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Harris Center announces new award, land acquisitions

  • Harris Center annual meeting<br/><br/>(Staff Photo by Dave Anderson)

    Harris Center annual meeting

    (Staff Photo by Dave Anderson) Purchase photo reprints at Photo Finder »

  • Gail Woolridge, a third-grade teacher at Benjamin Franklin Elementary School in Keene, speaks at the Harris Center for Conservation Education's annual meeting on Sunday, as fellow teacher Andrea Dube, center, and Harris Center Teacher/Naturalist Polly Pattison look on. Woolridge and Dube were honored by the center as Educators of the Year.

    Gail Woolridge, a third-grade teacher at Benjamin Franklin Elementary School in Keene, speaks at the Harris Center for Conservation Education's annual meeting on Sunday, as fellow teacher Andrea Dube, center, and Harris Center Teacher/Naturalist Polly Pattison look on. Woolridge and Dube were honored by the center as Educators of the Year. Purchase photo reprints at Photo Finder »

  • Harris Center annual meeting<br/><br/>(Staff Photo by Dave Anderson)
  • Gail Woolridge, a third-grade teacher at Benjamin Franklin Elementary School in Keene, speaks at the Harris Center for Conservation Education's annual meeting on Sunday, as fellow teacher Andrea Dube, center, and Harris Center Teacher/Naturalist Polly Pattison look on. Woolridge and Dube were honored by the center as Educators of the Year.

HANCOCK ­— Although he’s only in his third month as executive director of the Harris Center for Conservation Education, Jeremy Wilson has a vision for the future — one he shared with Harris Center members at the organization’s annual meeting on Sunday.

Wilson has a background in forestry, having served as a professor at the University of Maine in Orono for 11 years, where he specialized in forest ecology. As he noted on Sunday, the landscape of the Monadnock region has changed drastically during the last century, with former open farm fields now filled with mature forest. But those forests could be susceptible to fire, infestation or other issues that could change the landscape far more permanently than anything humans can do.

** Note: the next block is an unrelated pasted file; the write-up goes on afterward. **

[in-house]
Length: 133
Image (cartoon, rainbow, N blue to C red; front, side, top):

“We’ve gone from 80 percent agricultural land to 80 percent forest,” Wilson said, as he offered his perspective on how the Harris Center should be focusing for the future. “This is a big forest landscape that we need to be evaluating and monitoring much more closely.”

Another project that’s vitally important, he said, is to return to providing more environmental programs for students at the high school level. The Harris Center naturalist-in-residence program now works with 28 schools throughout the region, reaching more than 2,000 students annually, but most of those students are in the elementary or middle schools. Wilson said he’d like to focus on re-establishing links with high schools, describing such programs as “our insurance policy, our link to the future.”

During the meeting, Harris Center Board Chair Ted Leach announced the creation of the Laurie Bryan Partnership Award in recognition of the efforts of Bryan, the Harris Center’s former executive director who stepped down this year, to form partnerships with organizations, groups and individuals to further the Harris Center mission. The first partnership award went to Eastern Mountain Sports, which Leach recognized as “a company that truly understands the synergy of our missions.”

Meade Cadot, the center’s land program director, announced that four parcels along Bailey Brook and its tributaries in Nelson were added this year to the supersanctuary of protected land in the Monadnock region. More than 500 acres on either side of a mile of Old Stoddard Road in Nelson are now protected, resulting in a north-south corridor for bears and other wildlife running from the road over Osgood Mountain and down to Spoonwood Pond.

Cadot also announced that the land on Scott-Mitchell Road near the Peterborough Recycling Center, where the Peterborough Community Garden is located, has been protected through a conservation easement given by landowners Carl and Francie Von Mertens.

The Harris Center also recognized Andrea Dube and Gail Woolridge, third-grade teachers at Benjamin Franklin Elementary School in Keene, as winners of the center’s Educator of the Year award.

“If I were a third-grader, I’d choose either one as my teacher, and they’d be the one I’d always remember,” Harris Center Teacher/Naturalist Polly Pattison said about Dube and Woolridge.

In a review of the Harris Center’s budget numbers, Treasurer Paul Faber noted that income from contributions during the last fiscal year was up 9 percent and grant funding up 11 percent from the previous year. Faber said the grant funding hike was especially gratifying; in 2009 the Harris Center got $11,000 in grants but in 2011 the amount was $108,955.

Dave Anderson can be reached at 924-7172, ext. 233 or danderson@ledgertranscript.com. He’s on Twitter at @DaveAndersonMLT.

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